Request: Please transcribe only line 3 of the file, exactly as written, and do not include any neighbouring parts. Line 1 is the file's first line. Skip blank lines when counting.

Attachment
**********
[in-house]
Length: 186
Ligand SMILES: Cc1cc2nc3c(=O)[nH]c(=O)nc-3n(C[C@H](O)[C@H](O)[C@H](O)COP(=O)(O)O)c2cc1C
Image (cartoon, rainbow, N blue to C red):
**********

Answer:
Ligand SMILES: Cc1cc2nc3c(=O)[nH]c(=O)nc-3n(C[C@H](O)[C@H](O)[C@H](O)COP(=O)(O)O)c2cc1C